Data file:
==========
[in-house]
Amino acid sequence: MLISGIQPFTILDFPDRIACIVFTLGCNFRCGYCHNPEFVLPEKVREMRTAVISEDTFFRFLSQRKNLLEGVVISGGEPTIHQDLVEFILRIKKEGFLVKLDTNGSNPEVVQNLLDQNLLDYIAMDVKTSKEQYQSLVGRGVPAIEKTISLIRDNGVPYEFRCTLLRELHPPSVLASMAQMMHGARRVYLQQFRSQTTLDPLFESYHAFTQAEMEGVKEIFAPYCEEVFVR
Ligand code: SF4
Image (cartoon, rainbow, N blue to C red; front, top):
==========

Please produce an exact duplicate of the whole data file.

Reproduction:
[in-house]
Amino acid sequence: MLISGIQPFTILDFPDRIACIVFTLGCNFRCGYCHNPEFVLPEKVREMRTAVISEDTFFRFLSQRKNLLEGVVISGGEPTIHQDLVEFILRIKKEGFLVKLDTNGSNPEVVQNLLDQNLLDYIAMDVKTSKEQYQSLVGRGVPAIEKTISLIRDNGVPYEFRCTLLRELHPPSVLASMAQMMHGARRVYLQQFRSQTTLDPLFESYHAFTQAEMEGVKEIFAPYCEEVFVR
Ligand code: SF4
Image (cartoon, rainbow, N blue to C red; front, top):